While tech enthusiasts in the US debate about why Apple should open iMessage to Android and how much the company should charge Android users for iMessage, the rest of the world has moved on to cross-platform instant messaging apps for all their daily text-based communications. WhatsApp is the biggest messaging platform in the world, so much so it actually has more monthly active users than parent company, Facebook. But with recent reports that Facebook plans to integrate the backend of WhatsApp with Instagram and Facebook Messenger, concerns about user privacy have resurfaced. Personally, WhatsApp isn't my main messenger. The only reason I need to use it is because it's the most widely used messenger in Malaysia, so I need to use it for work. For personal communication with family and loved ones, I use Telegram.
I've been using Telegram for several years now, and it continues to be my favourite instant messaging platform ever. The development of the platform is miles ahead of WhatsApp, with so many incredible new features that WhatsApp keeps on copying several months later. The thing is, no matter how many features WhatsApp takes from Telegram, the latter still has the better overall feature set. So these are some of my favourite features of Telegram and why it remains my messaging platform of choice.
Edit sent messages
One of the most embarrassing things you can do is send a text to the wrong person. Both platforms allow you to delete your messages after sending them, so that problem's solved. But Telegram does WhatsApp one better by allowing users to edit their sent messages. Typos can be rather embarrassing too, or can make a message incomprehensible, so being able to edit your messages after sending them is extremely useful. I've edited typos out of my messages many times in Telegram, but it's still annoying needing to "fix" typos in WhatsApp with a second follow-up message to explain or correct the typo.
Better group chats
Group chats are one of the main features of both platforms, but I feel like Telegram offers better features. For starters, admins can pin messages in groups, which places the message on top of the chat window permanently for all to see. This can ensure important information is never lost under a sea of new messages. Combined with the ability to edit messages like I said above, this could for example allow you to pin a message with details of an upcoming meeting in a chat group with your colleagues, and later edit the message if anything changes, negating the need to post a brand new message every time something changes. Group chats also hide users' phone numbers, unlike in WhatsApp where joining a group means your phone number becomes publicly visible to all members, even people you don't know (a huge negative to user privacy). One of the more recent improvements to group chats in Telegram is the addition of polls, making it easier for large groups to decide on where to go for lunch. Telegram has placed a huge focus on group chats since 2015, which explains why they're so good. WhatsApp has been playing catch-up ever since (the ability to quote messages for example only came to WhatsApp more than a year after it launched on Telegram), and though group chats in WhatsApp have improved, with some features that Telegram doesn't even offer, I still believe Telegram offers the better overall group chat experience.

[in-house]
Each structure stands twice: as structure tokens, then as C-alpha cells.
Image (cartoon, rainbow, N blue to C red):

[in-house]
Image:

This is another feature which both Telegram and WhatsApp have, but like most new features shared between the two, Telegram had it first (WhatsApp launched stickers more than three years after Telegram) and implements it in a better way. Stickers are so easy to use in Telegram that you don't really need to do anything out of the ordinary to use them. Once the setting is enabled, all you need to do is use any emoji you want and if there are any associated stickers, they will show up in a scrolling list for you to choose from. It's that simple. You don't even need to install any sticker packs to use them (though you can install sticker packs that you like). Telegram was spot on with their announcement post. This is stickers done right.